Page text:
The Self Control Button

I got a text from my daughter recently detailing a conversation she had with my four-year old grandson, Isaiah. Evidently he was having trouble being patient while she was completing a task.

Par for the course when you’re four.

Or thirty-four.

Or maybe forty-four.

Definitely at fifty-four.

Let’s be honest. There are those among us who have never mastered the art of patience.

But especially at the tender age of single digit four, waiting is excruciating. So to pass the time he was acting like a robot.

Ever trying to foster desirable qualities in a whimsical way, my daughter asked this robotic wonder if he had a self-control button that he could push.

Oh wouldn’t that be a wonderful thing! A self-control button.

If I could, I would pass one out to every student in my classroom the first day of school saving me hours and hours of behavior management and intervention time.

Of course, I would keep the largest and most obvious one for myself.

Don’t judge. At this time of year it’s every girl for herself.

But I digress.

After thoughtfully considering his mother’s self-control button question, he replied. Yes indeed, he did have such a button.

“But,” he added, ” The sin button is right by the self-control button.”

Truer words were never said.

Why is it that when temptation comes that sin button seems to glow in the dark? It’s always the easy thing to reach, while exercising my self-control feels like fumbling around in the bottom of my purse trying to find my car keys.

I guess the real answer is this.

I’m an imperfect woman in need of a Savior.

A Savior who was willing to go to the cross for my sins, be buried and after three days rise again.

Even when my daily goal is to try to do the right thing, I’m going to think things, say things, do things that in a weak moment translate into sin. As I’m stretching for the self-control button I slip and hit the one labeled sin.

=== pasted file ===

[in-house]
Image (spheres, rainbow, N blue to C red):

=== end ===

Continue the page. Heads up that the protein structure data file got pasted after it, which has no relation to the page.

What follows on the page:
Not every time.

But certainly every day.

Fortunately for me, all is not lost. Even when I hit the wrong button, Jesus forgives and forgets. I get another chance.

And there’s even more good news! Because Jesus paid the price, my sin debt is paid. It’s erased. It’s like I never hit the button at all.

But wanna know the best news ever?

The best news ever is that no matter how imperfect my aim may be, the reality is that Jesus knows me and loves me just the way I am.

I don’t have to be perfect.

I know, right?

That doesn’t mean I won’t keep striving for better self-control. Even a non-robot such as myself has a lot of room for improvement.

It’s just really nice to know that I don’t have to be perfect, because after all…

I already have a Savior who is.

 

 

 

 

 

 

 

 

 

The Place In Between

During a recent conversation with my youngest daughter, I was surprised to find that she had never stepped inside a Hardee’s fast food restaurant. The most shocking part of the revelation was that I was the reason. She reminded me that years ago I had vowed never again to eat at Hardee’s and out of loyalty to me she had never eaten there either. Lest you think I have some undying vendetta against Hardees let me elaborate.

I can only barely remember what happened. When she brought it up, it was a minute or two before a vague memory slowly surfaced. Honestly, I had long forgotten ever making that declaration of war, but she had remembered the shenanigans between me and a less-than-polite teenager manning the drive through window. And my reaction had stuck with her. The truth be told, I am pretty sure I have eaten there a time or two since then.

It’s slightly disturbing to me what I choose to remember about people and situations. (Of course if I’m being honest, what I really mean is it’s slightly disturbing to me that I have no control over what people ultimately remember about me.) What I say and do in my home, my classroom, my community matters because I am representing myself as an ambassador for Christ.